This article was written by J.G. Preston
San Francisco Bay Area native Tim Cullen signed with the A’s during spring training in 1972, returning to the region where he had been a two-sport star in high school and helped Santa Clara University become the nation’s top-ranked college baseball team. He did not play in the 1972 World Series and retired after the season, but he helped the A’s through a rough stretch in midseason after two of their second basemen suffered long-term injuries.
Timothy Leo Cullen was born in San Francisco on February 16, 1942, the third of four children (all sons) born to Joseph Murtha and Catherine (O’Leary) Cullen. Joseph Cullen worked for the Internal Revenue Service, and he was transferred to Reno, Nevada, in 1954. That’s where Tim started playing Little League baseball, which had not yet come to where the Cullens had lived in the Bay Area. When the family returned to the Bay Area the next year Tim stayed in Reno for another year because he wanted to keep playing baseball. He lived with another family through a Knights of Columbus program.
When Joseph Cullen returned to the Bay Area it was as district director in charge of the IRS’s San Francisco office. The family lived first in Palo Alto and then in Burlingame, a community near San Francisco International Airport. Tim was educated in Catholic schools and attended Junipero Serra High School in San Mateo, where he was a star athlete, earning all-Catholic Athletic League honors twice in baseball and once in basketball before graduating in 1960.1 Future major-league star Jim Fregosi played shortstop while Cullen played third base; after Fregosi graduated in 1959, Cullen moved to short as a senior. Serra’s left fielder was Fregosi’s classmate Gary Hughes, who went on to have a long career as a scout and executive for several major-league teams (as this was written he was still employed as a scout for the Red Sox). Serra is best known for having produced all-time home-run leader Barry Bonds and three-time Super Bowl-winning quarterback Tom Brady.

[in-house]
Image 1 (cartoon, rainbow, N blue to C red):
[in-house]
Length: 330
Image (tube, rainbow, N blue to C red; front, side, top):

Cullen also played football until his father persuaded him to give up the sport as a senior. “He said, ‘Tim, I don’t know if I’m going to be able to afford to put you through college. You’ve got a chance to get a scholarship, but it ain’t going to be in football,’” Tim recalled. “He wanted me to concentrate on my other sports, and he also wanted me to spend football season working on my grade average.”
Joseph Cullen’s advice paid off, as Tim improved his grades enough to get college scholarship offers. Loyola (now Loyola Marymount) University of Los Angeles offered a full basketball scholarship (basketball was the sport Tim said he preferred at the time), but Cullen accepted a combined basketball-baseball scholarship from Santa Clara, not far from his Burlingame home. He had the opportunity to follow his high-school teammate Jim Fregosi’s path and go into pro baseball, but on his father’s advice he chose college instead.